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Re: The evils of /usr/share/java/repository

> On Mon, Sep 17, 2001 at 01:40:16PM -0700, Joe Emenaker wrote:
> My solution to the above problem is at:
> http://newgate.socialchange.net.au/~jeff/jpe/

Well, I guess what I'm hoping for is to make the learning curve less steep.
I envision being able to download some java source onto a fresh Debian
system with the JDK (or alternative compiler) and being able to type
"javac". If there are missing classes, I can hop on the web, download a .jar
file, save it to /usr/share/java/lib or something, and type "javac" again
and have the compilation work this time. No studying someone's senior thesis
about the optimum way to manage classpaths, no having to install 'ant', and
no cursing about typos when changing CLASSPATH by hand.

> The 2.2 spec puts $TOMCAT_HOME/lib/* before
> WEB-INF/lib/*, causing lots of grief.

Oh, you're right. That's bad.

The lynchpin to what I'm proposing is that narrower-scope things are allowed
to pre-empt wider-scope things.

> > Now, without a system-wide .jar repository, that means that I'd need to
> > the mysql-jdbc jar in every project's lib directory. Just about
everything I
> > do in Java on linux involves mysql-jdbc. It'd be much easier for me to
> > put it in a system-wide repository.
> But that's you, and the next user might want an older or newer version of
> mysql-jdbc.jar.

Oh, I know. Everybody's got their own jars and stuff that they always rely
upon. I'm saying that it should be easy to make jars available to everybody
without individuals having to dick with their rc scripts or 'build.xml'
files or whatever... and that it should be easy for users to override those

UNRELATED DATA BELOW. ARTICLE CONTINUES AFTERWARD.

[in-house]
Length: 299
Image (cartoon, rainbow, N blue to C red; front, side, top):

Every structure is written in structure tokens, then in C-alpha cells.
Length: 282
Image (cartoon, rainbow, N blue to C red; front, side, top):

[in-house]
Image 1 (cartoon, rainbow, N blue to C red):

system-wide jars when the need arises... and that it shoud be easy for users
to override their own user settings for individual projects. Easy, easy,
easy is the notion here. And, if you're careful about the order of
pre-emption, then I've yet to see a major problem with Debian's java scripts
auto-discovering jars for us.

> > If, like you said, I brought a webapp in
> > to my workplace and tried it on a machine that didn't have mysql-jdbc,
> > consider the *machine* to be broke. :) The solution would be to *fix*
> > machine by putting mysql-jdbc in the system-wide repository.
> And if you're not the sysadmin? :)

I'd use user-level and project-level repositories to pre-empt the
system-wide ones (which, of course, would only affect me). In the case of my
example, I'd drop mysql-jdbc.jar into $JAVA_USER_LIBS or $HOME/java/lib or
$HOME/java/repository, or whatever the hell it ends up getting called if,
indeed, it does get put in at all. If the sysadmin comes along later and
puts in some messed up or old version of the mysql-jdbc, it wouldn't affect
me any because the script that builds the classpath would have put my stuff
in front of the system stuff.

> Adding directories to classpath
>         Adding /home/jeff/tc/webapps/struts-tiles/WEB-INF/classes
> Loading jars from /home/jeff/tc/webapps/struts-tiles/WEB-INF/lib
>         Adding
>         Adding
>         Adding
>         Adding /home/jeff/tc/webapps/struts-tiles/WEB-INF/lib/struts.jar
>         Adding /home/jeff/tc/webapps/struts-tiles/WEB-INF/lib/tiles.jar

Yup. Autodiscovery. I've written a script a few times that does the same
thing. I'll bet *thousands* of other people have, too. That's the problem;
thousands of people writing almost the identical script... differing only in
the names of the directories (you use
"/home/jeff/tc/webapps/struts-tiles/WEB-INF/lib" and I use
"/home/jemenake/projects/java/lib"). Part of what I'm suggesting is that
*one* person write this script *one* more time and that they write it so
that all you and I have to change is some env variable or something to tell
the script where our "personal" jars are. Then, build the script into
whatever invokes the JVM.

- Joe

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